Papale on Dividends and Calls

We are in an era of streaks right now.  The Dow up 10 straight days.  The Miami Heat – 20 wins in a row.  The Chicago Blackhawks — 24 game point streak. My son needing to be reminded to put on deodorant because 14 year old boys have a tendency to pretty much just stink.  But eventually streaks come to an end.   I don’t like to predict markets but I’ll go out on limb here – the Dow will have another down day – I guarantee it.  The Heat will lose again.  The Blackhawk streak ended last week in Colorado.  And this morning my son put on deodorant on his own.  Some streaks are just meant to end.

One of the big things these days being talked about for investors is yield.  Everyone wants yield.  And one way to find it is by buying dividend stocks.  We as option traders know that we can add even more yield to a  portfolio of dividend stocks by selling calls.  However, if we use this strategy, it is important to be aware that the day before the company goes ex-dividend there is a likelihood that in the money calls will be assigned. This is done so the call holder can collect the dividend, which he cannot do simply by being long the call.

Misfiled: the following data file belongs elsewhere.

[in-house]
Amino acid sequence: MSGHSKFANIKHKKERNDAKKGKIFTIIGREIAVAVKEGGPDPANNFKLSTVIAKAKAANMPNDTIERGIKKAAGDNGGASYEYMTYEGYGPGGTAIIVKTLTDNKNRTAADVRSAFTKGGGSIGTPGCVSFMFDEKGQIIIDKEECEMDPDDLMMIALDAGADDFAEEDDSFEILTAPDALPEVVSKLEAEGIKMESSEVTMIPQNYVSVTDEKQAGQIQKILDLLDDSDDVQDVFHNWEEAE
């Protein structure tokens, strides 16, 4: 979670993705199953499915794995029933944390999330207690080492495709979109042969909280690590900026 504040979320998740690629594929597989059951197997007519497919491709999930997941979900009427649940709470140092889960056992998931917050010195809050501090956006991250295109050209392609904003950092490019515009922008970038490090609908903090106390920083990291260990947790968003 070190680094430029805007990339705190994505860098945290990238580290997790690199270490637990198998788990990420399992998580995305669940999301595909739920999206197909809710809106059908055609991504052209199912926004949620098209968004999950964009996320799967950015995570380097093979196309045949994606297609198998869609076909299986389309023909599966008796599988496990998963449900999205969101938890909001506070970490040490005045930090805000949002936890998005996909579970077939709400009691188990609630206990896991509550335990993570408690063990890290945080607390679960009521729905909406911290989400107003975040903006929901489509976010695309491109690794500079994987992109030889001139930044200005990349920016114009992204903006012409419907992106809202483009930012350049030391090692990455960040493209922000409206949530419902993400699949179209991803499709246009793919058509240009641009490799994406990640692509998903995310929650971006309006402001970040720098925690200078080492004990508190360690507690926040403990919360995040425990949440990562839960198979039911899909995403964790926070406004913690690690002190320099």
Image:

Let’s look at an example.  Say XYZ is going ex-dividend tomorrow and will pay $25.  That mean all shareholder of record on tomorrow’s date will receive the dividend.  If Bill owns a call that is in the money he will likely exercise.  He knows that he must own the stock tomorrow to collect the dividend.  He also knows that ignoring other factors, the stock will open $.25 lower in the morning, reflecting the payment of the dividend.  As a call holder if he did nothing, he would lose value of the call based on the drop in stock price.  An alternative for Bill would be to simply sell the call the day before ex-dividend date.  He would therefore capture the dividend value embedded the price of the call before it goes down the next day.  Either action is ok.   The only action that is not recommended is doing nothing.  This would assure the call holder will lose the value of the dividend by a lower call price.  If you are seller of calls on dividend paying stocks, watch the ex-dividend date and act accordingly.

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